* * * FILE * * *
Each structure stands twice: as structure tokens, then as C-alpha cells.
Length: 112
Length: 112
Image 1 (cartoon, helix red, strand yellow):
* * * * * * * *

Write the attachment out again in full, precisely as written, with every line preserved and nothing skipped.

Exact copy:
Each structure stands twice: as structure tokens, then as C-alpha cells.
Length: 112
Length: 112
Image 1 (cartoon, helix red, strand yellow):